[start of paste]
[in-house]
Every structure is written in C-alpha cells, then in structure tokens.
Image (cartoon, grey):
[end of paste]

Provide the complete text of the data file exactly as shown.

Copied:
[in-house]
Every structure is written in C-alpha cells, then in structure tokens.
Image (cartoon, grey):